Seven months ago, Dr Willy Mutunga, wrote a piece in the Nation outlining the resume of the new Chief Justice.
He said key reform institutions must be led by new hands committed to ideas of the new Constitution and called for appointment of the next Chief Justice from outside the Judiciary.
The scholar warned against the recycling of names of the “usual suspects” for senior appointments.
On Friday, the Judicial Service Commission accepted his application for nomination as Chief Justice alongside lawyer Nancy Baraza as Deputy Chief Justice.
As early as three weeks ago, many commissioners had made a decision in support of Dr Mutunga because of his academic credentials and struggle in the reform movement as a member of the National Convention Executive Council.
The fact that he had not served in the discredited Judiciary gave him an upper hand as the new broom to clean up the institution.
Their decision was also driven to come up with a candidate who would be acceptable to both President Kibaki and Prime Minister Raila Odinga and the international community.
Opinion was particularly against sitting judges even before the interviews began.
There was also calculated but quiet lobbying by the civil society in favour of Dr Mutunga, who together with Prof Kivutha Kibwana, are considered the “fathers of civil society.”
As a sign of endorsement by the civil society, Dr Mutunga’s application was refereed by Prof Makau Mutua, with whom he once worked at the Kenya Human Rights Commission.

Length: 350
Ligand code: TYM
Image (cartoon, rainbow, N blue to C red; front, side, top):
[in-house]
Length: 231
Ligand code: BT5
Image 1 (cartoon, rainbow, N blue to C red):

In a Facebook posting celebrating the announcement, Prof Mutua said on Friday was a great day for “reform and reformers”.
“Dr Mutunga is of the first rank as a reformer, deep thinker, mentor and global citizen”, he said.
Notably, Dr Mutunga was instrumental in putting together the opposition alliance comprising President Kibaki (then of DP), and opposition figures Kijana Wamalwa and Charity Ngilu ahead of the 2002 elections.
And during the launch of a book of Mr Odinga’s father, Jaramogi Oginga last year, Dr Mutunga described himself as a “Jaramogiite.”
Dr Mutunga is an advocate of the High Court of Kenya. He studied Law at the University of Nairobi and was awarded an LLB. He has Masters degree from the University of Dar es Salaam and PhD from York University (Osgoode Hall Law School) in Toronto, Canada.
He has been a pro-democracy activist in Kenya since the 1970s, and was imprisoned in 1982-83.
Dr Mutunga was chair of the Law Society of Kenya in 1993-95. He has authored articles on the rights of detainees, the role of NGOs and civil society in democratisation, the constitutional rights of Kenya’s nomad pastoralists, and the rights of tenants.
He has worked in a number of human rights organisations; as the executive director of the Kenya Human Rights Commission, a member the National Convention Executive Council, co-chair of the Citizens Coalition for Constitutional Change (4Cs) and a member of the Board of Directors of Rights and Democracy.
He joined the Ford Foundation in 2004 as a human rights programme officer before being appointed the executive director in 2009. He is a board member of the Human Rights Centre at the Law School of the State University of New York at Buffalo.